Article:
I had seen this special theatre presentation almost a decade ago, and decided to give The Manor another whirl last week, just in case it turns-out to be the final year of its (so far) nineteen season run, (although LA audiences hope it’s not.) It’s also the first time the show is being produced since the pandemic, so we’re all returning to the scene of the crime* together. *[Note: That just might be a clue to the scenario.]

And you know what? I enjoyed it much more this time. (I might have been too immature to fully appreciate it nine years ago. I mean it!)

The stunning view from the Mansion. Photo by Karen Salkin, as is the one of the staircase that's at the top of this review.

The stunning view of the city from the Mansion. Photo by Karen Salkin, as is the one of the staircase that’s at the top of this review.

The Manor is a follow-the-actors-around play, with the most fascinating twist. Not only is it presented in a majorly significant location in general, Greystone Mansion in Beverly Hills, but this is the actual home where the real-life tale that this production is based on took place! That’s dramatic. And getting to see the interior of this historic edifice is half the fun of the entire experience.

The Manor is a semi-fictionalized work that’s taken from the lives of the early-ish 1900s Los Angeles Doheny family, whose patriarch was a main player in the Teapot Dome Scandal. I had to research the topic because I must have been absent that day, (as I was just about every day of History class!) I heartily suggest that you, also, research the Dohenys for yourselves, but you should wait until after you see the show, to discover how it relates to, and differs from, the true story. It’s infinitely interesting.

(L-R)  Carol Potter, Katyana Rocker-Cook, Darby Hinton, Daniel Leslie, and John Combs. Photo by Casey Durkin.

(L-R) Carol Potter, Katyana Rocker-Cook, Darby Hinton, Daniel Leslie, and John Combs. Photo by Casey Durkin.

Other interactive shows often let you wander around willy-nilly, but for this one, we’re led. This is how it works here: The play begins in what I’m assuming is the drawing room of the Mansion, and then the audience is split into three groups divided by where everyone sits to start off the proceedings. (So make sure to keep your duo or group together when you take your first seats.) After that first scene, each group follows either the butler or one of two housekeepers to the next location, and it goes like that after each scene. It’s all very organized. (And no worries for you stairs-eschewers, as I am—all the scenes take place in different areas of the first floor. The historic grand staircase is used only to enter and exit the building, and at intermission; it’s actually a great privilege, so I suggest you take the time to appreciate the climb or descent.)

Every group gets to see every scene, of course, just in different orders, until the ends of both acts, when the assemblage comes together once again.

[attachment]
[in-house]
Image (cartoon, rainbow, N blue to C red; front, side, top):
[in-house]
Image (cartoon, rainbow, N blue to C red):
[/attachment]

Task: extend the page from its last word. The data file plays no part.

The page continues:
The beginning and ending Drawing Room set. Photo by Karen Salkin.

The beginning and ending Drawing Room set. Photo by Karen Salkin.

Adding to the coolness of the plot and location of The Manor is seeing the actors perform just a few feet from your face. What concentration they must have to not be distracted by anything in the close-up audience, (including a phone ringing in our group!)  What amazes me even more is that the actors have to do each scene three times in a row in the same performance! Oysh. I couldn’t repeat my tales even twice in the two-decade run of my TV show! I thought Broadway was hard, with having to say the same lines for eight shows a week! It boggles my mind that these people are able to do the nightly-triple-scenes here.

As far as this cast goes, I enjoyed recognizing some of their faces from productions at Theater 40, the Artistic Director of which, David Hunt Stafford, is producing, (and playing the butler in,) The Manor. I’ve also seen a few of them in this show before. Daniel Leslie, who plays the Senator, has been doing so since the very beginning. He has such a good deep voice that I kept expecting him to break out into Ol’ Man River at any second!

The women, all new to me, really impressed me this time. Not that it’s a contest, but Carol Potter, as the patriarch’s wife, was the most real for me. I was actually in pain for her character. And there was something about Amy Tolsky, as the Senator’s wife, that put me at ease, especially seeing her act so up-close. I felt like I was just watching her talk with someone in my house. Lastly of them, Nathalie Rudolph, playing the bride who’s joining the family, is a brave girl because, in one scene, she’s half-naked in lingerie! It’s for only a few minutes, but she’s so close to the strangers in the audience. She didn’t even flinch on opening night!  (So, ladies, you may not want to let your significant others sit in the front row in the first bedroom scene!)

L-R) Amy Tolsky, Nathalie Rudolph, and Carol Potter.  Photo by Casey Durkin.

L-R) Amy Tolsky, Nathalie Rudolph, and Carol Potter. Photo by Casey Durkin.

And I cannot tell you how impressed I am with the very minimal lighting. The production uses solely the Mansion’s available house lights, but it’s all perfect. For example, the bedroom is lit with just five lamps, two on the wall and three on the floor. And the rest of the rooms follow suit. It adds so much to the 1920s ambiance, while still illuminating the action enough for the observers.